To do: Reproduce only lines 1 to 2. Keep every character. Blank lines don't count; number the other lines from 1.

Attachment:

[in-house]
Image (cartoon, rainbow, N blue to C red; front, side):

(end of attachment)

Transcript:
[in-house]
Image (cartoon, rainbow, N blue to C red; front, side):